Boehner to Reid: "Go F—— Yourself"

A blog about business and economics.
Jan. 2 2013 9:57 AM

Boehner to Reid: "Go F—— Yourself"; Why Party Cartels Matter

158862151
WASHINGTON, DC - JANUARY 01: Speaker of the House John Boehner (R-OH) (C) walks through Statuary Hall before entering the House Chamber to oversee a vote on 'fiscal cliff' legislation during a rare New Year's Day session January 1, 2013 in Washington, DC.

Photo by Chip Somodevilla/Getty Images

Your funny reporting of the day:

It was only a few days before the nation would go over the fiscal cliff, no bipartisan agreement was in sight, and Reid had just publicly accused Boehner of running a “dictatorship” in the House and caring more about holding onto his gavel than striking a deal.
“Go f— yourself,” Boehner sniped as he pointed his finger at Reid, according to multiple sources present.
Advertisement

An amusing anecdote, but what's at issue here is deadly serious—party cartel domination of the House of Representatives. The Senate had already passed a bill providing for a one year extension of Bush-era tax rates for people earning less than $250,000 a year. Harry Reid was trying to bait Boehner into allowing an open floor vote on that measure, hoping that a handful of House Republicans would join with the overwhelming majority of Democrats to pass it. But that's now how the House works.

The House operates on the "majority of the majority" principle, aka the Hastert Rule, that the Speaker only moves legislation to the floor if most of the members of his or her caucus support it. So even if Nancy Pelosi's majority in 2007 rested on members with pro-gun or socially conservative views, pro-gun or socially conservative legislation still couldn't pass because House Democrats wouldn't allow it to come for a vote. While the Senate is largely run by its pivotal members, the House is essentially run as a party cartel—by the leaders of the majority party on behalf of the views of the majority party.

This rule isn't sacrosanct. The McCain-Feingold bill passed in violation of the principle, and eventually so did the fiscal cliff bill. But even in those cases, the majority caucus makes a strategic decision to let itself get rolled. House Republicans didn't like the McCain-Feingold bill and didn't want to vote for it. But ultimately they didn't want to be the "bad guys" who were holding it up. So they allowed it to pass, counting on either the Bush administration to veto it (which they didn't) or the Supreme Court to largely undo it (which sort of happened) and away we went. But even though the principle can be violated on occasion, we should expect it to be upheld in general. Not just because Boehner likes it that way, but because there's no obviously superior alternative to it as a general rule of procedure. The predecessor to the Speaker-and-caucus centric House cartel dynamic was a weird kind of super-empowerment of the Rules committee that allowed it to arbitrarily bottle up proposals.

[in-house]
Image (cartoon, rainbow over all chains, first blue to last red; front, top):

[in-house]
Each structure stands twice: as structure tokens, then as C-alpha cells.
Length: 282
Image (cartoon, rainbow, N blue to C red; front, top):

You could say, as Reid did, that any given Speaker should just be more statesmanlike on any given issue and let the damn bill come to the floor. But clearly routinely ignoring the preferences of your caucus membership is not a viable option for a caucus leader. Another option would be to de-center the Speaker and make the House more like the individualistic senate except with over 400 individuals, a prospect that should make sensible people shudder.

TODAY IN SLATE

Medical Examiner

The Most Terrifying Thing About Ebola 

The disease threatens humanity by preying on humanity.

I Bought the Huge iPhone. I’m Already Thinking of Returning It.

Scotland Is Just the Beginning. Expect More Political Earthquakes in Europe.

Students Aren’t Going to College Football Games as Much Anymore

And schools are getting worried.

Two Damn Good, Very Different Movies About Soldiers Returning From War

The XX Factor

Lifetime Didn’t Think the Steubenville Rape Case Was Dramatic Enough

So they added a little self-immolation.

Politics

Blacks Don’t Have a Corporal Punishment Problem

Americans do. But when blacks exhibit the same behaviors as others, it becomes part of a greater black pathology. 

Why a Sketch of Chelsea Manning Is Stirring Up Controversy

How Worried Should Poland, the Baltic States, and Georgia Be About a Russian Invasion?

Trending News Channel
Sept. 19 2014 1:11 PM Watch Flashes of Lightning Created in a Lab  
  News & Politics
Weigel
Sept. 20 2014 11:13 AM -30-
  Business
Business Insider
Sept. 20 2014 6:30 AM The Man Making Bill Gates Richer
  Life
Quora
Sept. 20 2014 7:27 AM How Do Plants Grow Aboard the International Space Station?
  Double X
The XX Factor
Sept. 19 2014 4:58 PM Steubenville Gets the Lifetime Treatment (And a Cheerleader Erupts Into Flames)
  Slate Plus
Slate Picks
Sept. 19 2014 12:00 PM What Happened at Slate This Week? The Slatest editor tells us to read well-informed skepticism, media criticism, and more.
  Arts
Brow Beat
Sept. 20 2014 3:21 PM “The More You Know (About Black People)” Uses Very Funny PSAs to Condemn Black Stereotypes
  Technology
Future Tense
Sept. 19 2014 6:31 PM The One Big Problem With the Enormous New iPhone
  Health & Science
Bad Astronomy
Sept. 20 2014 7:00 AM The Shaggy Sun
  Sports
Sports Nut
Sept. 18 2014 11:42 AM Grandmaster Clash One of the most amazing feats in chess history just happened, and no one noticed.